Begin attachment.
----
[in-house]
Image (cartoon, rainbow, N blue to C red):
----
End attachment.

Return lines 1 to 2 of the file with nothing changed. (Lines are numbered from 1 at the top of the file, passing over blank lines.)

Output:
[in-house]
Image (cartoon, rainbow, N blue to C red):